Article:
ST 3060 (Hints) – Big Dave's Crossword Blog
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ST 3060 (Hints)

Sunday Telegraph Cryptic No 3060 (Hints)

Hints and tips by Senf

+ – + – + – + – + – + – + – +

A very good Sunday morning from Winnipeg, where we have had a few days that were more like early Spring, in terms of temperature and precipitation, than late Spring/early Summer.

Keep staying safe everyone. 

Dada crossing the boundary into quirky this week with quite a few Hmms – I counted eight anagrams, all of which required deletions, additions, or insertions, one lurker, and no homophones – all in an almost symmetric 30 clues, with 17 hints ‘sprinkled’ throughout the grid you should be able to get the checkers to enable the solving of the unhinted clues.

Candidates for favourite – 1a, 5d, 16d, and 17d.

As is usual for the weekend prize crosswords, a number of the more difficult clues have been selected and hints provided for them.

Don’t forget to follow BD’s instructions in red at the bottom of the hints!

Most of the terms used in these hints are explained in the Glossary and examples are available by clicking on the entry under “See also”. Where the hint describes a construct as “usual” this means that more help can be found in The Usual Suspects, which gives a number of the elements commonly used in the wordplay. Another useful page is Wolves in Sheep’s Clothing, which features words with meanings that are not always immediately obvious.

A full review of this puzzle will be published after the closing date for submissions.

Some hints follow:


1a Very basic accommodation a draw: however, be careful buying it! (6,6)
A type of accommodation (that may be occupied by a hermit?), A from the clue, and synonyms of draw and however.

9a Hole behind me perfect for amplifier (9)
A synonym of hole placed after ME from the clue followed by a verbal synonym of perfect.

12a Document graduate left (8)
A verbal synonym of graduate and the nautical left.

15a Arrest prophet from the East — East African (8)
A four letter informal synonym of arrest followed by the OT prophet the 30th book of The Bible is attributed to all reversed (from the East).

18a General method acting seen on this US street (8)
Synonyms of general and method.

21a Bosses cut machinery out (8)
An anagram (out) of MACHINERy with the last letter removed (cut).

27a Winger’s notes about badly made exercise machine (9)
A single word sometimes used for a (feathered) winger’s notes containing (about) an anagram (badly) of MADE.

28a Reports with wit unusually penned by senior journalist (12)
An anagram (unusually) of REPORTS and (with) WIT contained by the two letter abbreviated form of senior.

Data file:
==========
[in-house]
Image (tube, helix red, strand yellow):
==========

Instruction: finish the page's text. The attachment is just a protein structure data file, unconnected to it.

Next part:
1d Conducting search, billions invested in future (7)
The single letter for billions inserted into (invested in) a synonym of future (perhaps in reference to attractions).

2d Shortage of animal produce in vehicle — one wouldn’t want it! (5)
A three letter item of animal produce with the last letter removed (shortage of) inserted into (in) a type of (delivery?) vehicle.

3d Sign of joiner sprinkling Parmesan over top of dish (9)
An anagram (sprinkling) of PARMESAN followed by (over) the first letter (top) of Dish.

5d Hold up a short novel, for example — that might amuse baby (8)
A synonym of hold reversed (up), A from the clue, and what novel is a type of (for example) with the last letter removed (short).

7d New prince eating old, old cheese (8)
An anagram (new) of PRINCE containing (eating) the single letter for old, followed by the single letter for old gives an Italian hard cheese made from ewes’ milk.

16d Great leader bitter, cross with Queen (9)
What bitter can be a type of (as a liquid), the letter that can represent a cross, a synonym of with, and HM’s regnal cypher.

17d This woman’s scary, inferring pa is less organised? (3-5)
When written as (2,6) the inference is that pa’s female partner is more organised.

18d Break clasp (6)
A double definition.

25d Deposit saved by couple, essential (4)
The lurker (saved by) found in two words in the clue gives the sediment that forms during the fermentation of an alcoholic liquor.

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As this is a Prize crossword, please don’t put any ANSWERS, whether WHOLE, PARTIAL or INCORRECT, or any ALTERNATIVE CLUES in your comment.

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Reg Presley, lead singer of The Troggs, was born on June 12, 1941.  This is the first chart success for the Troggs, from 1966 – number 2 in the UK, number 1 in Canada and the USA:


63 comments on “ST 3060 (Hints)